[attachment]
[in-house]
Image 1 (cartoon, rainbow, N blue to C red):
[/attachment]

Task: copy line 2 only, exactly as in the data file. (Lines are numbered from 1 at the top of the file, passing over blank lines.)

Image 1 (cartoon, rainbow, N blue to C red):